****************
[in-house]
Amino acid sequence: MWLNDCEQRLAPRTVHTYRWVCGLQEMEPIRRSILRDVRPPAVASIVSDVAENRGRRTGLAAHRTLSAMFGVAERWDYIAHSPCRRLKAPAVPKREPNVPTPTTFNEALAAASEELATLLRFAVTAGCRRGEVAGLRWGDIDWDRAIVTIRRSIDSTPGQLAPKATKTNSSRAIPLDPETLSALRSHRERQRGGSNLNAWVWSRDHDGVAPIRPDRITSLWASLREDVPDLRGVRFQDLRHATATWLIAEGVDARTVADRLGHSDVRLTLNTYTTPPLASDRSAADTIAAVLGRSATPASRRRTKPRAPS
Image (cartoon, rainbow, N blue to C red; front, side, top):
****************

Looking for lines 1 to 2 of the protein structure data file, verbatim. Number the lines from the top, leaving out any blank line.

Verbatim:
[in-house]
Amino acid sequence: MWLNDCEQRLAPRTVHTYRWVCGLQEMEPIRRSILRDVRPPAVASIVSDVAENRGRRTGLAAHRTLSAMFGVAERWDYIAHSPCRRLKAPAVPKREPNVPTPTTFNEALAAASEELATLLRFAVTAGCRRGEVAGLRWGDIDWDRAIVTIRRSIDSTPGQLAPKATKTNSSRAIPLDPETLSALRSHRERQRGGSNLNAWVWSRDHDGVAPIRPDRITSLWASLREDVPDLRGVRFQDLRHATATWLIAEGVDARTVADRLGHSDVRLTLNTYTTPPLASDRSAADTIAAVLGRSATPASRRRTKPRAPS